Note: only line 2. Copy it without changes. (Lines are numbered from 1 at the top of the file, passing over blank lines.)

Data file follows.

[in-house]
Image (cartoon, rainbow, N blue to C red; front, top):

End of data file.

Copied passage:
Image (cartoon, rainbow, N blue to C red; front, top):